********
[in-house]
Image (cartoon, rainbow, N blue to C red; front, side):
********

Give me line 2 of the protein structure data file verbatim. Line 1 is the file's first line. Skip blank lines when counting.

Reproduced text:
Image (cartoon, rainbow, N blue to C red; front, side):